• Emma Ryan, of Harford Technical High School, attending Mount St. Mary’s University in the fall to major in elementary education/special education;

• Kayla Smith, of Havre de Grace High School, attending Towson University in the fall to major in secondary education with a minor in middle school science; and

• Alexa Warren, of Edgewood High School, attending Salisbury University in the fall to major in secondary education with a minor in English/creative writing.

Five GET scholarships have been awarded each year, starting with Harford County’s Class of 2017, and the program will end with the Class of 2021 next year. Recipients are selected by a committee and the scholarships are awarded in May each year preceding college entrance.

Next spring, the first cohort of GET scholars from 2017 are scheduled to graduate college. One of those students is Caroline Collins, a 2017 graduate of C. Milton Wright who is will be entering her senior year at Kutztown University of Pennsylvania in the fall.


Collins is pursuing a degree in secondary special education and social studies education, with a certificate in autism studies.

Collins said her experience with a couple of influential teachers while attending Harford County schools is what pushed her pursuing a career in education.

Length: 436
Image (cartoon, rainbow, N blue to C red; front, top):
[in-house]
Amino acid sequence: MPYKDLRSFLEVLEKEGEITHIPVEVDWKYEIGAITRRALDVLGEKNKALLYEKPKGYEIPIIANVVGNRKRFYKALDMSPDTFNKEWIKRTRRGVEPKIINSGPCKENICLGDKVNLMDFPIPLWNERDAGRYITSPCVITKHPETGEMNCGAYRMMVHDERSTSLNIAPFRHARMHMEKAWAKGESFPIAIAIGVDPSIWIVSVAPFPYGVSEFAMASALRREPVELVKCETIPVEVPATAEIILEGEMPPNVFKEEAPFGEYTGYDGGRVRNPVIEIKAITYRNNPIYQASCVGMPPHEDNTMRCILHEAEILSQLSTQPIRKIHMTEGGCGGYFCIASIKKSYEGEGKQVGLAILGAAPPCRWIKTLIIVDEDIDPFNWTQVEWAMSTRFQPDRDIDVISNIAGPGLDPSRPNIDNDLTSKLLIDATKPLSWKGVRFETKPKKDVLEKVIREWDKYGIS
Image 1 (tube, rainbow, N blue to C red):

“I had some really fantastic teachers and I always admired their student-teacher relationship many of my teachers had with me and my peers,” Collins said.

In addition to the $6,000 commitment made to each student, being part of the GET program also means receiving an informal mentor — an HCPS teacher or supervisor in the same specialty who regularly checks in with the scholars during their four years at college.

“It’s just an opportunity to build some relationship with our current workforce with these students, so they can start to make connections and feel connected to our school system,” said Benjamin Richardson, Senior Manager of Human Resources for the school system.

Through the first three years at college, the GET team at Harford schools has been a good resource for Collins.

“They check in on me, provide guidance, answer questions and have been very encouraging during this time,” she said.

GET scholars are also given opportunities to substitute teach in HCPS. Typically a number of college credits are required before they can apply to be a substitute teacher, Richardson said, but because the school system is invested in these students, those requirements are waived.

“Many of them have taken us up on that opportunity and are already getting in-class experience through substitute teaching opportunities, which is really great to see,” he said.

One more incentive to encourage scholarship winners to come back to teach in Harford County after graduation is a one-year advancement on the salary schedule.

“It’s not a lot, but it is a little salary incentive to recognize their accomplishments as a GET scholarship winner,” Richardson said.